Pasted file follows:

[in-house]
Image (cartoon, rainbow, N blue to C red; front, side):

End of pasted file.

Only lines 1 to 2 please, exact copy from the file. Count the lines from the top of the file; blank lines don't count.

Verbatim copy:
[in-house]
Image (cartoon, rainbow, N blue to C red; front, side):